- DOD Financial Management: Continued Efforts Needed to Correct Material Weaknesses Identified in Financial Statement AuditsBy Sam NewsOctober 13, 2020The Department of Defense (DOD) continues to face financial management issues and challenges that have prevented it from obtaining a clean audit opinion on the fair presentation of its financial statements. Specifically, financial statement auditors issued disclaimers of opinion on DOD's and the military services' fiscal year 2018 and 2019 financial statements. These disclaimers resulted from numerous material weaknesses based on thousands of notices of findings and recommendations (NFR) that the auditors issued. Of the 2,409 NFRs issued to DOD and its components in fiscal year 2018, DOD's auditors were able to close 623 (26 percent) in fiscal year 2019; the remaining 1,786 (74 percent) remained open. These results provide useful insights on DOD's remediation progress since beginning department-wide full audits in fiscal year 2018; it is important for DOD to equal or exceed this progress in the future. Financial statement audits have value beyond the audit opinion and can help management save resources and improve military readiness. DOD leadership identified a number of benefits that resulted from these financial statement audits. For example, the Navy identified a warehouse that was not in its property records that contained approximately $126 million in aircraft parts. The Navy was able to fill over $20 million in open orders for these parts. By using these parts, aircraft were repaired quicker and made available for use, which improved military readiness. To help guide and prioritize department-wide efforts, DOD identified eight audit remediation priority areas (four in 2019 and four in 2020), seven of which specifically related to material weaknesses that its auditor reported. The military services also developed methodologies to prioritize NFRs and determined that over half of their fiscal year 2018 NFRs are high priority and significant to their financial statement audits. DOD and its components have taken steps to develop corrective action plans (CAP) to address NFRs. However, most of the CAPs that GAO tested did not include at least one data element or evidence that a root-cause analysis was performed, as directed by Office of Management and Budget (OMB) and other related guidance, in part, because DOD guidance and monitoring efforts did not clearly identify the need for such documentation. As a result, DOD and its components may lack sufficient information and assurance that their remediation efforts will resolve the underlying causes associated with the NFRs and related material weaknesses. Based on these issues, DOD and its components are at increased risk that their actions may not effectively address identified deficiencies in a timely manner. DOD developed an NFR Database that contains useful information on deficiencies that financial auditors identified and actions to address them, which has improved its ability to monitor and report on audit remediation efforts using dashboard reports based on real-time data contained in the database. However, certain database information on which these reports are based may not be accurate, reliable, and complete. For example, although DOD reviews NFR Database information monthly, it does not follow up on instances of outdated information or other exceptions identified to ensure components resolve them timely. Without complete and reliable information on DOD's audit remediation efforts, internal and external stakeholders may not have quality information to effectively monitor and measure DOD's progress. DOD is responsible for about half of the federal government's discretionary spending, yet it remains the only major federal agency that has been unable to receive a clean audit opinion on its financial statements. After years of working toward financial statement audit readiness, DOD underwent full financial statement audits in fiscal years 2018 and 2019. This report, developed in connection with fulfilling GAO's mandate to audit the U.S. government's consolidated financial statements, examines the (1) actions taken by DOD and the military services to prioritize financial statement audit findings; (2) extent to which DOD and its components developed CAPs to address audit findings in accordance with OMB, DOD, and other guidance; and (3) extent to which DOD improved its ability to monitor and report on audit remediation efforts. GAO reviewed documentation and interviewed officials about DOD's and the military services' audit remediation prioritization, monitoring, and reporting. GAO selected a generalizable sample of 98 NFRs to determine whether CAPs to address them were developed according to established guidance. GAO is making five recommendations to DOD to improve the quality of CAPs to address audit findings and information in the NFR Database and related reports provided to internal and external stakeholders to monitor and assess audit remediation efforts. DOD concurred with three of GAO's recommendations, partially concurred with one recommendation, and disagreed with one recommendation. GAO continues to believe that all the recommendations are valid. For more information, contact Asif A. Khan at (202) 512-9869 or firstname.lastname@example.org.[Read More…]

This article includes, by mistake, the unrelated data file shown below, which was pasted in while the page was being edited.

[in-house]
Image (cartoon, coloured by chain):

- DHS Office of Inspector General: Preliminary Observations on Long-Standing Management and Operational ChallengesBy Sam NewsApril 21, 2021What GAO Found GAO's preliminary work has identified a number of management and operational challenges, including frequent leadership turnover, since fiscal year 2015 that have impeded the overall effectiveness of the Department of Homeland Security (DHS) Office of Inspector General (OIG). DHS OIG senior leaders have acknowledged that these challenges have contributed to organizational weaknesses, and have taken steps to begin addressing some of them. GAO's preliminary work has identified issues in the following areas, among others: Strategic planning: DHS OIG has not consistently developed strategic plans, which are a necessary input for developing the organization's other guiding documents and governance framework. Specifically, DHS OIG has operated for 4 of the past 6 years without a strategic plan, and the plan it adopted for fiscal years 2018–2019 included some, but not all, of the elements considered standard for federal entities. In 2020, DHS OIG contracted with a nonprofit academy of government experts to develop a strategic plan for fiscal years 2021–2025, with expected delivery in June 2021. Quality assurance: Internal and external reviews have reported on concerns about quality assurance in some of DHS OIG's work. In 2017 and 2018, after an internal review found that some reports issued by DHS OIG may not have adhered to the professional standards cited, DHS OIG retracted 13 audit reports that had been issued over a 5-year period. In 2018, an external review determined that DHS OIG needed to improve its system of quality control. Though DHS OIG concurred with all of the recommendations from that external review, it did not fully implement them. In addition, DHS OIG has not established roles and responsibilities for an organization-wide quality assurance program. Moreover, GAO's preliminary work indicates that current staff allocations may limit DHS OIG's quality assurance reviews to focusing on audit work and not on the other types of work it produces, including inspections, evaluations, special reviews, and management alerts. Timeliness: DHS OIG project time frames for work from its offices of Audits and Special Reviews and Evaluations have increased over the 4 fiscal years GAO assessed. For example, in fiscal year 2017, 79 of 102 Office of Audits projects were completed in 1 year or less and eight of 102 took more than 18 months. In fiscal year 2020, seven of 67 reports were completed in 1 year or less and more than half (35 of 67) took more than 18 months. In addition, DHS OIG has not assessed time frames for work completed by these offices, though timeliness in reporting is a key element of effective oversight and DHS OIG staff considered it an organizational weakness. GAO will complete its evaluation of these and other management and operational areas, and will issue a final report in the coming months. Why GAO Did This Study DHS OIG has a critical role in providing independent and objective oversight of DHS, which encompasses multiple operational and support components. OIGs are expected to maintain high standards of professionalism and integrity in light of their mission, according to quality standards developed by the community of federal Inspectors General. However, DHS OIG has faced a number of challenges that have affected its ability to carry out its oversight mission effectively. This statement is based on GAO's draft report on DHS OIG's management and operations, which is currently at the agency for comment. It provides preliminary observations on DHS OIG's strategic planning processes; quality assurance processes; and reporting time frames for work from DHS OIG's offices of Audits and Special Reviews and Evaluations. To develop these preliminary observations, GAO reviewed relevant federal laws and quality standards for federal OIGs as well as DHS OIG documentation, including organizational policies; internal communications such as emails and memoranda; and DHS OIG's semiannual reports to Congress and published reports. GAO also analyzed DHS OIG project data from fiscal years 2015 through 2020, and interviewed DHS OIG leaders and other staff.[Read More…]